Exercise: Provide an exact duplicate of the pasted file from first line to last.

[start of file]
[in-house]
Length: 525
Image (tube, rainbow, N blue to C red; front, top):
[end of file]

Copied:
[in-house]
Length: 525
Image (tube, rainbow, N blue to C red; front, top):